The domestic market may continue to track Wall Street higher but local investors will keep a wary eye on the rising number of Covid-19 cases in Australia as well as US negotiations on fresh stimulus measures.
Wall Street ended higher on Friday, boosted when Apple, Amazon, Google-parent Alphabet and Facebook got solid lifts on the back of strong earnings. Apple was the stand-out, jumping 10.5 per cent and adding US$172 billion to its market value.
The Dow Jones Industrial Average added 0.4 percent Friday, the S&P added 0.8 percent while the Nasdaq added 1.5 per cent.
The late rally in US equities points to a "bounce in risk appetite as we start the week," ANZ Bank economists said in a note.
In Australia, however, Victorian premier Daniel Andrews declared a "state of disaster" with Melbourne's restrictions tougher from 8pm Sunday night, including daily curfews from 8pm-to-5am. The rest of the state's restrictions have also been tightened, including stay-at-home orders and the closure of restaurants, cafes, bars and schools.
The state accounted for 671 of Australia's 687 new covid-19 cases on Sunday.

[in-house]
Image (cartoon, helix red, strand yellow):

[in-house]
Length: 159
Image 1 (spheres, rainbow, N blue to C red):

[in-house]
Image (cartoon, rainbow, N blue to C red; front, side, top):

In the US, where cases have now topped 4.6 million, White House chief of staff Mark Meadows warned Sunday he is "not optimistic" a deal will be reached on the next coronavirus relief package in the near future. In an interview with 'Face the Nation', Meadows said negotiators "still have a long ways to go."
Congress is due to go into its annual August recess at the end of next week and "agreement must be reached on stimulus measures if the recovery isn't to falter further," said ANZ Bank.
"While the US is unusually divided, the fiscal challenges are symptomatic of questions being asked everywhere: how long can governments sustain such massive support spending and what should the priorities be?" it said.
Also in the US, Fitch Ratings affirmed the country's rating at AAA but lowered the outlook to negative from stable.
The "US had the highest government debt of any AAA-rated sovereign heading into the crisis," said Fitch. The ratings agency "expects general government debt to exceed 130 percent of GDP by 2021." Fitch also expects the US economy to contract by 5.6 percent in 2020 before recovering by 4 percent next year.
Investors will now shift their focus to a raft of manufacturing data, including the Australian performance of manufacturing index and PMIs for China and Japan, followed by July manufacturing data for the euro zone, the UK and the US.
The kiwi dollar, meanwhile, was trading at 66.37 US cents at 8am in Wellington versus 67.05 cents at 5pm in Wellington on Friday, weighed down by US dollar strength.
However, "amid very soft US data, abundant liquidity, the lack of progress containing Covid-19 and the Fed's dovish tone, the US dollar rebound looks to be a temporary move and the rebound in equity prices points to a recovery in the NZ dollar in coming days," said ANZ Bank. It tips resistance at 67.55 US cents.